We tried several other charities. Some didn’t pick up from apartments. Some wouldn’t come into the residence at all—everything had to be put outside. All three of us are advanced seniors, so that wouldn’t work. And again, other charities were too busy for weeks and weeks to come pick up.
Meanwhile, we were packing large leaf bags and large cartons of my late brother’s possessions. Besides clothing there were a closet full of linens, cupboards full of dishes, pots and pans and all the other kitchen trappings.
One of his community projects was cleaning up the park dedicated to Vietnam veterans. Among his “finds” there were numerous watches, glasses, pocketbooks, wallets, money—lots of money over the years—keys and the like. He had little boxes of these things, except for the money, which he donated to charity.
And he saved paper—not newspaper—but medical and financial records going back dozens of years. There were kitchen drawers full, old suitcases full, a hamper full. What a chore.
Finally, we had to load up the car and make six trips with the bags, boxes, TV, antenna, microwave and all else, and we personally took them to the nearest charity.
What to do with the furniture posed the next problem. A few calls to used furniture dealers resulted in requests for antiques only. One or two pieces may have been old, but most of the items were run-of-the-mill. Finally, we got a favorable response, and they promised to purchase everything on a Friday, arrival time between 11 a.m. and 11:30 a.m.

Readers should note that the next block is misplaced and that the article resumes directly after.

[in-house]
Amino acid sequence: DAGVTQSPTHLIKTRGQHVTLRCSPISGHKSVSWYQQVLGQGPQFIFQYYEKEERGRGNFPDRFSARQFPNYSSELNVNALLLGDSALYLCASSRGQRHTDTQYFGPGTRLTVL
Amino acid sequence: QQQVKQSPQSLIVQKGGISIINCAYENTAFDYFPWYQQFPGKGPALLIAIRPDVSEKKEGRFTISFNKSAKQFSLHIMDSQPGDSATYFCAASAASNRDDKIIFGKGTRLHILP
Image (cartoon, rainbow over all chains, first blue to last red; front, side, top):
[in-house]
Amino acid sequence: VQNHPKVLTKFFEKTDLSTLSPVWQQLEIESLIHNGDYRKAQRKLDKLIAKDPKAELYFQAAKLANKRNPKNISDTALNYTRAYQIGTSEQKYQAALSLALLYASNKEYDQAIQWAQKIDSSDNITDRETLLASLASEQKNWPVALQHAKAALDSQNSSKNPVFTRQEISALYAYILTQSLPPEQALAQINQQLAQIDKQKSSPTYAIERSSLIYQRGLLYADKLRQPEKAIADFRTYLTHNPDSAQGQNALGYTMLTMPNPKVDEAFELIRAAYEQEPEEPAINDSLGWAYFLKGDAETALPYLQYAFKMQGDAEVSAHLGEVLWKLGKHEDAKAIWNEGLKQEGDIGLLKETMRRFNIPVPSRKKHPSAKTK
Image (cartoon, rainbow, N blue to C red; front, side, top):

The time came and went, and no dealer; we were biting our fingernails to the quick. A call to their office at 11:45 a.m. assured us they would arrive in a half hour. Twelve fifteen p.m. came and went and no dealer. At 12:45 we had resigned ourselves to the fact that he wasn’t coming, but at that moment, a truck pulled up with the tardy buyer.
The young man looked over the pieces for sale and gave us a pretty fair offer. However, he couldn’t use the sofa or recliner chair, the two biggest pieces. Their condition was very poor, and he had no way to repair them. We couldn’t just leave them in the apartment, so we pleaded and begged and maybe shed a tear or two. He finally agreed to take them and drop them off at a charity that does repair work. We could have kissed him.
Next came selling the car. The accountant and lawyer for the estate said that all the necessary papers were ready. My husband and brother George picked them up. Off they went to a car dealer, who, after a bit of bargaining and cajoling, came up with a fair offer. All that was left was the paperwork.
This is where Mom’s story ends, where the next page is ripped from the pad. Given the theme of what was written, I suspect that the trio experienced a snafu of sorts when trying to sell the car. This is what might have happened, according to David.
When David, Ken and I were in Kansas City, Ira’s attorney advised us that the car and a modest dollars-worth of U.S. Savings Bonds were not listed in the trust. Those items needed to go through probate. We gave her the green light to initiate that process. Probate dragged on for a very long time. Mom, Dad and Uncle George, even with a clear title, couldn’t sell the car the summer after Ira’s death. Several months later, the car was sold, uneventfully as David recalls, with the proceeds distributed to the beneficiaries.
What was supposed to be a “routine” and uncomplicated disassembling of my uncle’s possessions turned into a “chore” for his sister, brother and brother-in-law.